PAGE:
Interview: Ana Ríus – Secretary of Health, Puerto Rico

Ana Ríus, Secretary of Health of Puerto RicoAna Ríus became the Secretary of Health of Puerto Rico in 2013 following a very dynamic career as Head of the Puerto Rico Health Medical Services Administration. She discusses the current changes being made in the country’s health system and how Medicare Advantage funding is critical to maintaining a stable health program.

When you came to this office what were the main policies you wanted to achieve?

My main policy was to improve Puerto Rico’s health system, which posed various challenges including general health on the islands of Vieques and Culebra. There were also many financial challenges to contend with in order to apply the changes dictated by the US, which provides 57 percent of the health system’s funding. When I took on the role of Secretary of Health we had a TPA (Third Party Administrator) system with one insurance company. We were informed by the US that we needed to change this model to either Free for Service (FFS) or Managed Care (MCO). We chose Managed Care which is now the insurance company covering the 1.6 million people who qualify for the Government’s Health Plan, or Plan de Salud del Gobierno (PSG).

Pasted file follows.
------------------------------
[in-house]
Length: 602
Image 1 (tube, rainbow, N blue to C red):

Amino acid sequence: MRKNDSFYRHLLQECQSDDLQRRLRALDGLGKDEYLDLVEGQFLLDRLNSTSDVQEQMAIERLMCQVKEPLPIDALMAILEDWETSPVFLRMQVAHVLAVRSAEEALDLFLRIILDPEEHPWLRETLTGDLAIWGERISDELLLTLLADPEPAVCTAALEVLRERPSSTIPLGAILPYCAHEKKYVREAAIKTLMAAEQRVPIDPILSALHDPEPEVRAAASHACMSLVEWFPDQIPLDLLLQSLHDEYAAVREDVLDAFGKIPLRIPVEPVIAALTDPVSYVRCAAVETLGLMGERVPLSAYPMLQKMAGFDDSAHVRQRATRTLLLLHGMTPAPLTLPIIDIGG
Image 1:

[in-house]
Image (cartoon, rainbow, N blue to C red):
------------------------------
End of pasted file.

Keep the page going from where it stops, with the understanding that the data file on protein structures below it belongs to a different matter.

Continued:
I would like to point out that, with 94 percent of the population covered by health insurance, Puerto Rico is the territory with the highest percentage of people covered by health insurance in the US after Boston. Furthermore, those who do not have insurance have access to the Puerto Medical Center. In essence, we offer almost universal access to healthcare.

What are the main implications of the Affordable Care Act (ACA) being implemented here and how will you adapt?

The money distributed to the various states through the ACA was a fixed sum which could not be negotiated. The choice we were given was how to invest these funds and we chose to put this money in its entirety into the PSG. This, of course, increased the overall funds available for the PSG by 43 percent ($2.8 million) which must be contributed by the Puerto Rican government.

The greatest problem consists in the fact that, when ObamaCare funding ends, we will have to tap into our own resources. This means that the available funds will be reduced to the previous amount of around $500 million which will pose a serious problem for the financing of the PSG.